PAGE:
To gauge communication skills, I review the essays and personal statement, of course. But, I also consider all communications the applicant has had with our team. Sending a terse or unclear email to a student worker or administrative professional is a red flag for me. So are essays or personal statements that contain multiple spelling and grammar mistakes. The biggest red flag of all is an essay that does not appear to have been written by the applicant.

While her basic understanding of the English language was good, Jane was not a great communicator. After reading her essays (which I’m not positive she wrote herself—more on this later), I don’t feel I understand who she is and where she’s going. During the interview, she was stiff and had difficulty answering some basic questions. More concerns.

  • Brian

    Fair enough, Jane was an extreme case. However, many students I work with focus more on test scores then really putting a quality application together. Understanding how truly multi-faceted the admissions process is (or should be) may be helpful to some students. Also, in the book, the rest of the chapter breaks down each component (LORs, Essays, Interview, etc) and offers specific tips applicable to even more qualified applicants. – Brian

  • Pseudonym

    I’m sorry, but I did not find this article to be useful for me, and I suspect that it is probably not useful for the average P&Q reader. The applicant described in this article is so far off the mark, that it is really difficult for anybody to relate to her. The applicant clearly knows nothing about the MBA admissions process and has screwed up almost every aspect of her application in the most egregious manner. It would be much more meaningful for P&Q readers to learn about an applicant who is well informed and has actually nailed most parts of her application, but has unknowingly slipped up in just one or two critical areas.

  • Brian

    Interesting perspective, thanks for sharing. While there’s nothing wrong with preferring to work alone and there’s certainly nothing wrong with being an introvert (I’m actually one myself), employers of MBA graduates are typically looking for those who can lead teams and manage others. Therefore, as MBA admissions officers, it makes sense to screen for this trait. I think the point of the excerpt is that there’s more than one thing on our minds when we review an application or conduct an interview. Teamwork is just one of the traits I’m looking for.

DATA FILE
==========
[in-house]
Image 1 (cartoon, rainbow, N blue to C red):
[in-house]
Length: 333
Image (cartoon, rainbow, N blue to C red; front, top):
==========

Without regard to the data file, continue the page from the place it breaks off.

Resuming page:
• bschoolalum

    I am so tired of b schools’ obsession with “teamwork”. While a stellar team will always outperform a stellar individual, those stellar teams are rare. B Schools often force teamwork upon its students, stifling originality and creativity many times. What I hate about the author’s article about teamwork is his implication that teamwork is always better than individual work. There seems to be some sort of stigma against being introverted and preferring to work alone.

  • Brian

    Thanks Tad!

  • Tad Brinkerhoff

    Brian, thanks for your insights. Admissions is more art than science. These comments will be useful to applicants as they seek to present the big picture. Great book by the way.

  • Brian

    Thanks JKM! In my experience, I’ve found students who pursue the degree for right reasons, find the right program for their unique needs and take advantage of all curricular, extra-curricular and experiential learning opportunities typically have the best outcomes. Thanks for you insights.

  • JKM

    Spot on, Brian. As an associate dean & director of a highly ranked MBA program for 13+ years, your comments are right on target. In an effort to improve rankings one year, we aggressively recruited high GMAT students and to some extent ignored many of the other aspects of their application. Unfortunately, these students often were not engaged in our MBA community, many were “problem children” w.r.t. their groups and frequently had attitudes that did not result in favorable internship or job interviews. A curious thing also happened to several of these “academically gifted” students, they failed to meet academic standards and were placed on academic probation. While I have no firm evidence as to why this happened, I feel that it was due to their failure to connect with their team which caused them to miss much of the out-of-class discussions that addressed the nuances and subtleties of complex business decisions.